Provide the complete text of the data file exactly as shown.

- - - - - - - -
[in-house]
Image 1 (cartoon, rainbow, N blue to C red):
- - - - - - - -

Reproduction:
[in-house]
Image 1 (cartoon, rainbow, N blue to C red):